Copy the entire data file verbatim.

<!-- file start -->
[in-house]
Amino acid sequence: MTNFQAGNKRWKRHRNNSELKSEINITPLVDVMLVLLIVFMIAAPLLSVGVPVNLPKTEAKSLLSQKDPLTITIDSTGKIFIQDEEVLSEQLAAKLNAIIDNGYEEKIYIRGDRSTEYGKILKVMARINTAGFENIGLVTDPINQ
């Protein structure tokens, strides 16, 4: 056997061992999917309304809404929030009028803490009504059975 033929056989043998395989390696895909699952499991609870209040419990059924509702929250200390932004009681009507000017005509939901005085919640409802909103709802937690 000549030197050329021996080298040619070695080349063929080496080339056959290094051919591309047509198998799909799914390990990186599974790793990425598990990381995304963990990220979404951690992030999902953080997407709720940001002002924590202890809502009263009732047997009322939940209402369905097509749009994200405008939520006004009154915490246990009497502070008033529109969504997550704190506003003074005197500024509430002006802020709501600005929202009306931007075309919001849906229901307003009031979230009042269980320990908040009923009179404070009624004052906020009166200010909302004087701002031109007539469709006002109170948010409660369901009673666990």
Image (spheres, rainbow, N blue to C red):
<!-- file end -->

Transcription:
[in-house]
Amino acid sequence: MTNFQAGNKRWKRHRNNSELKSEINITPLVDVMLVLLIVFMIAAPLLSVGVPVNLPKTEAKSLLSQKDPLTITIDSTGKIFIQDEEVLSEQLAAKLNAIIDNGYEEKIYIRGDRSTEYGKILKVMARINTAGFENIGLVTDPINQ
């Protein structure tokens, strides 16, 4: 056997061992999917309304809404929030009028803490009504059975 033929056989043998395989390696895909699952499991609870209040419990059924509702929250200390932004009681009507000017005509939901005085919640409802909103709802937690 000549030197050329021996080298040619070695080349063929080496080339056959290094051919591309047509198998799909799914390990990186599974790793990425598990990381995304963990990220979404951690992030999902953080997407709720940001002002924590202890809502009263009732047997009322939940209402369905097509749009994200405008939520006004009154915490246990009497502070008033529109969504997550704190506003003074005197500024509430002006802020709501600005929202009306931007075309919001849906229901307003009031979230009042269980320990908040009923009179404070009624004052906020009166200010909302004087701002031109007539469709006002109170948010409660369901009673666990």
Image (spheres, rainbow, N blue to C red):